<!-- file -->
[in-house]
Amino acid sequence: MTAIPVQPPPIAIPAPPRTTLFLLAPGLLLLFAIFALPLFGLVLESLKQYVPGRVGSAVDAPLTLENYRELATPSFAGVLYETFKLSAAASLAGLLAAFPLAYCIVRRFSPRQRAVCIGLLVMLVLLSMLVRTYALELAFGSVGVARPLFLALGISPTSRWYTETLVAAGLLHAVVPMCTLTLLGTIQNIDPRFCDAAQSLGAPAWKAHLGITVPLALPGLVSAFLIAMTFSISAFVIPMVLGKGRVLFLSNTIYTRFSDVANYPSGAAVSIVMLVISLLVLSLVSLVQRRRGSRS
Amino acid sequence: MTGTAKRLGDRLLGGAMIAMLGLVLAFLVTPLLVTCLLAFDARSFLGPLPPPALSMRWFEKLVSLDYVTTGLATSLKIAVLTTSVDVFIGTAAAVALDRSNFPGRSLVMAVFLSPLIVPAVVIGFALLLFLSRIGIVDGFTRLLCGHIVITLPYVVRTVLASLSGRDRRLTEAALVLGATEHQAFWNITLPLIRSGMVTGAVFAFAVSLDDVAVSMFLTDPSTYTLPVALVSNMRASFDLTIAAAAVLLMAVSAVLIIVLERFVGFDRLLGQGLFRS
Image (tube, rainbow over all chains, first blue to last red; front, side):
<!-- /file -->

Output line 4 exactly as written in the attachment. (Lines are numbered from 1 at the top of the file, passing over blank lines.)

Image (tube, rainbow over all chains, first blue to last red; front, side):